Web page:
I think we could see a change in the pricing model for both regular tickets and season passes to deal with the large crowds on Halloweekends. I could a see a scenario where CP raises the regular admission price, maybe even significantly. Then offers "substantial" discounts for the slower mid-week times, and smaller discounts for less crowded weekends. More of the dynamic pricing model that we're starting to see in the world.
I can also see, and I'd expect to see this sooner rather than later, a change in the season passes, to add a new tier that includes parking, and water parks, but does not include admission on holidays, busy Saturdays in the summer, and Halloweekend Friday/Saturdays. If you want to add that access, sure, just pay more. This is similar to how Disney sells annual passes for local residents, with known blackout periods. If you don't want the blackout, then it costs more.
Didn't Great Adventure have a one-day thing a few years ago where they jacked up admission, but limited the number of people in the park?
The fact they haven't repeated it/tried it at other Six Flags parks would suggest the idea didn't work--at least not at that price point/on that particular day.
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Raising ticket prices wold be the solution, however that day a good portion of the tickets were $25 for Whirlpool employees. Along with that Saturday had an exceptional number of group sales. Its not that ticket prices should be raised. it was just that they were significantly lowered that day for a good portion of the guests.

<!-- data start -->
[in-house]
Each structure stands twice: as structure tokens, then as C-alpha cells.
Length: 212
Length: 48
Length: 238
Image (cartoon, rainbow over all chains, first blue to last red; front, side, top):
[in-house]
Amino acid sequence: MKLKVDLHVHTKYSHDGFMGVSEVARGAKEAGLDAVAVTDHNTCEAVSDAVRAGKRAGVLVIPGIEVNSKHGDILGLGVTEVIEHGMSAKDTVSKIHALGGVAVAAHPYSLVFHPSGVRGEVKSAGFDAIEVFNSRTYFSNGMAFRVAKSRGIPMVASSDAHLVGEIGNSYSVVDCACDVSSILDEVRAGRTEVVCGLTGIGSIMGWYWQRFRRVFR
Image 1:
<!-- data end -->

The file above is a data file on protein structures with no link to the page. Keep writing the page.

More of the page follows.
Carrie J. said:
With 20/20 hindsight, it's easy to draw the right conclusion.
The hindsight or learning after the fact about how bad the experience would've been is when you accept it and like it. I've never said they accept it willingly, but they don't have a choice.
I've been turned away from a "Sold Out" Disneyland on more than one occasion and I'm glad I was turned away. Reports from those inside where not positive. Earlier this year I drove to Knott's for a day in June and upon seeing the parking lot I turned around and went home.
Fun- Knott's gets huge crowds during The Haunt, but doesn't have the exit problem since they seven different surface lots in totally different areas that exit to different streets. However, on a Saturday evening in October it can take you an hour or more just to drive 1/2 mile on Beach Blvd leading towards the park.
Cedar Point really has a problem when the majority end up leaving all at once. A typical road lane can handle at best about 2,000 cars per hour, so if you have two exit lanes you're only going to be able to exit 4,000 cars under the best conditions in an hour.Last edited by egieszl, Wednesday, October 16, 2013 12:51 PM
Walt beat me to it... the WDW lots are brilliantly designed to both park people and get them out efficiently, all while using trams and not putting pedestrians a risk. I've been in the Epcot lot, nearly full lately with Food & Wine, and skated out with minimal issue. The four lanes out to I-4 aren't even used.
I thought someone told me that CP owns a lot of the land between Cleveland Rd. and 250, where they could potentially extend CP Drive. No idea if the city or state would pay for such a road.
Even if the lots were redesigned to combat the free for all exiting at the Cedar Point parking lot, I still don't think it's going to fix the problem on these busy days. All its going to do is move the bottleneck from the parking lot to the city roads.
The park only has two exit points: going east is Cedar Point Rd, which is one lane and going south is the two lane chausee to Cleveland Rd. Other heavily attended parks have direct access to highways and more than three lanes worth of traffic coming in and out of the park.
Jeff, is sort of onto something, some sort of expressway between the Rye Beach Rd. and US 250 exit, but even that doesn't seem feasible because of the neighborhoods in that area and I'm sure there would be a ton of opposition to bypassing US250.
I would think the city/state's decision to build a new road would depend on whether or not park traffic was a nuisance to the locals, not to CP's patrons. My guess is that high traffic after 10 pm on a Saturday isn't a big problem for the residents in the area of the Causeway/Cleveland Rd. intersection. Therefore, this is mostly Cedar Point's problem, not the city of Sandusky's.Last edited by Bakeman31092, Wednesday, October 16, 2013 3:14 PM